Cuba's surging private sector adds magic to the island's weddings
Organizing a "vintage" wedding in exotic Old Havana or working out the complicated logistics of a ceremony on the beach is no longer a problem in Cuba: private organizers now take care of making almost any wedding-day dream come true, something unimaginable just a few years ago
Nuptials in Cuba are not often planned ahead and many lovers prefer living together without getting married to avoid the expense of celebrations in a country almost always under the shadow of economic crisis.
But that mentality "is changing," Zaylhi Linares told EFE.
Linares runs D'Evento, a family firm where her daughter Desiree also works and which offers lush services that bring joy to engaged couples and 15-year-old girls, very different from the cheaper but lower quality state offer.
"We have a lot of competition now but that's good, because it challenges us to develop and grow more," said this professional mistress of ceremonies who got into the wedding business by chance.
When it came time to celebrate the coming of age of her 15-year-old daughter, Linares saw that the desired services could only be found in a very scattered way, and realized that this was the road to pay dirt to a degree almost unknown in Cuba until the government started issuing "self-employment" licenses in 2012.
"Our services have evolved as the country has allowed people start their own businesses and let fly their ideas," the businesswoman said, adding that "there's nothing boring" about what she does.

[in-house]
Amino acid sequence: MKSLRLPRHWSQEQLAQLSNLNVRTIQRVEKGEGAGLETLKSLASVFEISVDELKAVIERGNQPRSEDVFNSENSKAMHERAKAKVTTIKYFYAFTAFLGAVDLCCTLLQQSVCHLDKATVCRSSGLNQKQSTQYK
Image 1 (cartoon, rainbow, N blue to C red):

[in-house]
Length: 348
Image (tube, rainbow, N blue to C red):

Following the reforms promoted by the Cuban government, a store cashier called Monica quit her job and, under the title of Miss Monica Events, began to do the work "I was born for" and which "has gone very well."
"Every time I work with a soon-to-be bride and groom, I feel like I'm getting married again. I try to establish a special relationship with them and if they want, we'll manage everything, from the wedding ceremony and reception to the honeymoon," she said, while continuing to direct the decoration of the dining room where hours later a banquet would be served.
For Monica the secret lies in teamwork and in doing "magic" to find "what there is and what there isn't" in a country in short supply or totally out of so many things, and where even decorative ribbons have to be imported.
On the customer side, Iris is a mother who was delighted to hire an event coordinator for the 15th birthday party of her daughter Damaris. "I got married 10 years ago," she said, "and there was none of this. I had my whole family running around organizing things and I didn't have a moment to relax."
And while Iris "respects people who consider that party a luxury," for her it was "the best investment I ever made."
Planning festivities is obviously a business going places on the island.
"The customers themselves are making us grow," said Ailed de Guevara, creator and principal promoter of Aire de Fiesta. "We were just a family firm, but now we also have architects, florists and designers - a really great team."